Wednesday, April 6, 2016

Prof. Natapoff Receives Guggenheim Fellowship for Scholarship on Misdemeanors & Criminal Justice System

Loyola Law School, Los Angeles Associate Dean Alexandra Natapoff has been named as the recipient of a 2016 Guggenheim Fellowship for her scholarly work on misdemeanors and the American criminal justice system. The highly prestigious award is bestowed annually on a short list of scholars and artists from among 3,000-4,000 applicants, and less than 1 percent of recipients since 2000 have been in the legal field.

Natapoff is an award-winning legal scholar and criminal justice expert at Loyola Law School, Los Angeles. She has been writing about misdemeanors for the past several years and is a leading expert in the field.  She has published in-depth articles on urban misdemeanor policing and race, the prevalence of wrongful misdemeanor convictions, the challenges of misdemeanor decriminalization, the enormous hurdles facing misdemeanor public defenders, and the close linkages between the petty offense process and the welfare state. The Guggenheim Fellowship will support her current book project, which explores the profound significance of misdemeanors for the entire U.S. criminal system.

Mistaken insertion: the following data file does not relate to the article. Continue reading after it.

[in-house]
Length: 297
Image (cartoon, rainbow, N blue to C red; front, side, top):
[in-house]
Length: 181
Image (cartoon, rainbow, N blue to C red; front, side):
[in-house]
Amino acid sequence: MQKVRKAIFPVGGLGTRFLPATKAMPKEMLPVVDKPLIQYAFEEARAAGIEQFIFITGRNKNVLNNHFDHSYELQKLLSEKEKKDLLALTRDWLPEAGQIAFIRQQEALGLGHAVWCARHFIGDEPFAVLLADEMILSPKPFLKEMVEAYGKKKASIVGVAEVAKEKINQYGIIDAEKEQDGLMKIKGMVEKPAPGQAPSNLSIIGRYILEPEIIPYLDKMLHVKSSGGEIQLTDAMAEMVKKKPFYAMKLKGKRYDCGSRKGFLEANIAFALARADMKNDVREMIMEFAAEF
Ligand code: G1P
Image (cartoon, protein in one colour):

“I’m honored to receive this award, and thrilled that the Guggenheim Foundation is supporting  scholarship about this vital aspect of American justice,” said Natapoff.  “Eighty percent of arrests and cases in this country are misdemeanors. It is an enormously powerful legal and social institution. This book will offer new perspectives on how our criminal system truly functions for most Americans.”

Natapoff, a former federal public defender, also is a national expert on the use of criminal informants.  Her previous book, Snitching, won the 2010 ABA Silver Gavel Award Honorable Mention for Books and was a 2010 Barnes & Noble Best Pick. She is a graduate of Yale and Stanford, and an elected member of the influential American Law Institute. She has testified before Congress and is frequently quoted by major media outlets.

“Loyola’s faculty has always been deeply invested in producing high-level scholarship that makes a significant impact, and Alexandra Natapoff leads by example,” said Interim Dean Paul T. Hayden. “Loyola is delighted that the Guggenheim Fellowship has been awarded to Professor Natapoff. It is a well-deserved and very prestigious honor in which we take great pride.”

Since 1925 Guggenheim Fellowships have been awarded annually to an elite group who demonstrate impressive past achievement and future promise in their fields. Finalists undergo rigorous critical review by the John Simon Guggenheim Memorial Foundation, peer experts and past recipients. Only about 5 percent of applicants are selected for the honor. The field of law is particularly selective, with just two honorees in 2016. The fellowship includes a grant to support the recipient’s work.

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